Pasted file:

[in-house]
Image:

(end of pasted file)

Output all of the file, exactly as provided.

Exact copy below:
[in-house]
Image: